International Atomic Energy Agency (IAEA) Director General Rafael Grossi on Wednesday stressed the crucial role of the UN nuclear watchdog as more countries are shifting their attention to nuclear energy.
"Mother Nature is calling us ever more urgently to address the climate crisis, and at the same time, the world now also faces the worst energy crisis since the 1970s. This has led decision-makers on all continents to turn their attention again to the proven and scalable option of nuclear power to diversify their energy sources and de-carbonize the base fuel needed to enable wind and solar power," he said in a written statement to a UN General Assembly debate on the IAEA's annual report.
Projections call for nuclear capacity to more than double in the coming three decades if climate targets are to be met, he said.
"The shift to more nuclear power brings to the fore the indispensable work of the IAEA, especially in helping to ensure that safety and security come first and that safeguards continue to be implemented without interruption," said Grossi.
Today, more than 400 nuclear power reactors operating in more than 30 countries supply over 10 percent of the world's electricity and more than a quarter of all low-carbon electricity; some 18 countries are constructing 56 new nuclear reactors, and 30 countries are either planning or considering the introduction of a nuclear power program, according to the IAEA chief.
Without nuclear power, global carbon dioxide emissions would be considerably higher, he said.
For nuclear power to fulfill its potential, including as a producer of heat and low-carbon hydrogen, it will need to be put on an even footing with other low-carbon sources when it comes to financing. The decisions that governments make now will have a profound economic and environmental impact for generations, he said.
The IAEA helps decision-makers to base their policies on science and fact rather than fear and ideology. Small modular reactors offer new opportunities for many countries, including developing ones. To ensure that they come to market in a safe and timely manner, the IAEA is engaging stakeholders, including industry and regulators, in an effort to harmonize and standardize regulatory and industrial approaches, he said.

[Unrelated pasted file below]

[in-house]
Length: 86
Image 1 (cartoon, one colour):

"As new technologies create new opportunities and as nuclear science and technology support Sustainable Development Goals across the globe, the IAEA is making sure that no one is left behind. At the same time, we are making sure that safety and security norms and international legal frameworks remain strong, flexible and forward-looking," he said.
"The agency's nuclear safety standards are considered international reference points for the protection of people and the environment from the harmful effects of ionizing radiation, while our security guidelines and codes of conduct play an equivalent role in helping the international community to prevent nuclear material falling into terrorists' hands. To help countries to make sure that they are implemented effectively, our advisory services and peer reviews allow for ongoing safety and security improvements in all areas of the fuel cycle, including radioactive waste management."
As the world faces the convergence of multiple challenges, including insecurity and climate change, the peaceful uses of nuclear science and technology are becoming ever more important tools in many of society's most important areas. They contribute directly to more than half of the Sustainable Development Goals and indirectly to all of them, said Grossi.
The IAEA is the premier vehicle by which these life-affirming tools are distributed more widely across all four continents to those who need them most, whether to cure diseases, to help feed the hungry, to protect the environment or to power progress without harming the planet, he said.
The safe, secure and peaceful use of nuclear science and technology provides the means to address many of the most pressing priorities, fulfilling the IAEA mission and contributing to the common agenda of the United Nations, he said. "Peace and development can only be achieved when access to these precious resources and the knowledge of how to use them are widely shared among all countries and no one is left behind."